2022 NFL Draft: Arizona State CB Chase Lucas scouting report

As we get closer to the draft, there are plenty of players to check out. Today’s focus is on Arizona State cornerback Chase Lucas.

Name: Chase Lucas
Post: CB
Height: 5’11”
Weight: 188 pounds

Chase Lucas career stats courtesy of Pro Football Reference

Combined results: 4.48 40-meter sprint, 39-inch vertical jump, 128-inch spread jump

Chase Lucas had a pretty unique path to the draft, and it’s a path that I’ve personally been fortunate enough to follow closely, having attended the same high school and college as Lucas while only being a year away. ‘difference. As a sophomore in high school, Lucas was called up from the JV team to fill in as running back due to injury issues. He played so well that Lucas became the full-time starter to end the year.

Soon after, Lucas began splitting his time between offense and defense, and he quickly became the 12th ranked athlete in his drafting class. Lucas opted to stay close to home and play for Arizona State despite offers from Notre Dame and Nebraska. With the Sun Devils, Lucas settled into the cornerback position, which he held for five consecutive seasons.

Lucas has quickly established himself as a ball hawk and one of the best cornerbacks in the Pac 12, which has seen him see a drastically reduced number of targets over the past two seasons. Lucas probably could have turned pro even after Arizona State only played four games in 2020 due to COVID-19, but he returned for his super senior season and showed some extra versatility playing in the slot. , as Lucas had mostly played away in previous years. Very few draft prospects in a year have as much tape as Lucas, which makes the relatively low buzz around him even more confusing.

Male coverage: Arizona State’s defense, led by NFL coaches Herm Edwards and Marvin Lewis, employed men’s coverage at a very high rate. As a result, the vast majority of Lucas’ shots are in men’s coverage, and that’s a good thing because he excels here. He has excellent footwork that allows him to stay close to the receiver at all times, and his elite blast traits – Lucas was third in all corners in both vertical and wide jumps at the reaper -thresher – allow exceptional closing speed.

Coverage area: Men’s coverage is definitely what Lucas excels at best, but he also defends in the zone. He has great instincts, which is what you would expect from someone as seasoned as he is, and it shows a lot in the zone when reading the quarterback’s eyes.

Playing ability: Lucas has a hawk-bullet mentality, and that’s why teams stopped pitching after a certain point. At 5’11” with arms just a hair below 32″, he’s not too long, but has the closing speed and physique to more than compensate and play aggressive at the point of capture. His running back experience also comes through after Lucas gets a takeaway, and he can be a dangerous runner in those situations.

Athletics : Lucas has a lot of athleticism. There are physical monsters in this draft that have surpassed him, but he’s still near the top in terms of top-level athleticism. His 10-yard spread on his 40-yard dash ranked in the 90th percentile, and we’ve already discussed his elite outburst. Lucas also plays with very fluid hips, which was a big reason why he looked like a natural play in the slot machine later in his college career.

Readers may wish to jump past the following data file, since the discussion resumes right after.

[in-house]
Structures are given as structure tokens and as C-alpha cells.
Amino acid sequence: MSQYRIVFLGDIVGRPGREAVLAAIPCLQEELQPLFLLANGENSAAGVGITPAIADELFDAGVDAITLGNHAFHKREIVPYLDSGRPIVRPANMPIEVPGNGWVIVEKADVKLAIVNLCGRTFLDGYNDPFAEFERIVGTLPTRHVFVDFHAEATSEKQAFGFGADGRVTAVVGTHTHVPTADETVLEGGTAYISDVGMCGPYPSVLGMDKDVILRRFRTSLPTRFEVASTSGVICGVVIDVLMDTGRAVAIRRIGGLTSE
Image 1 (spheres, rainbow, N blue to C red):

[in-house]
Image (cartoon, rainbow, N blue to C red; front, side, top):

Run the helper: At 5’11” and 188 pounds, you would expect that to be a weak point for Lucas. In fact, it’s probably his strongest area. Lucas seems to crave the physicality inherent in the sport. He shows no hesitation in tripping on the field in support of the run and has made significant progress as a tackler in his college career, becoming a very technically refined tackler. Due to his build, he’s not able to lay the wood down as often, but that’s never for lack of trying.

Treatment: It can be hard to tell how much of Lucas’ treatment is down to football IQ or just big instincts, but that’s not really a problem. He plays like a veteran, showing a great understanding of fairway concepts and double shots. He played in three very different schemes over his five years, and it never seemed like it was too much for him to handle.

Intangible assets: Lucas is a hard-working player, often making plays after running across the pitch or following things from behind. He was named team captain in his senior year at Arizona State and functioned as an on-field coach in how he mentored young players.

The reasons why Lucas isn’t more sought after are obvious: he’s undersized and already has plenty of tread on the tires. At least, that’s how some teams will see it. But the tape shows someone who plays a lot bigger than he measures, and with the difficulty of playing cornerback in the NFL, having that much experience should be considered a plus.

It’s hard not to be excited about Lucas’ work when you really look at him. I’m obviously biased, but Lucas plays with the physique, athleticism and fundamentals you want to see in a cornerback. He particularly excels in men’s coverage and has elite potential in the slot, although he can play outside just as well. In 10 games in 2021, Lucas hasn’t allowed a touchdown.

In Dallas, Lucas’ adjustment would be a bit of a hassle as the cornerback room is already quite crowded. Personally, I think Lucas has the most upside in the slot due to his fluidity and physicality, so bringing him in as a potential replacement for Jourdan Lewis (who has two years left on his contract) would be a lot of sense. Lucas’ accomplishments in men’s coverage also dovetail nicely with Dan Quinn’s diet preferences. Lucas is expected to be selected somewhere in the fourth or fifth round, although a team can press him in the third if they want him bad enough.

Amanda J. Marsh